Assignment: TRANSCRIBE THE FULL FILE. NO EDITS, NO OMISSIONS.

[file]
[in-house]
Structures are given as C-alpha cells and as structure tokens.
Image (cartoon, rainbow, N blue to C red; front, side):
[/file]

[in-house]
Structures are given as C-alpha cells and as structure tokens.
Image (cartoon, rainbow, N blue to C red; front, side):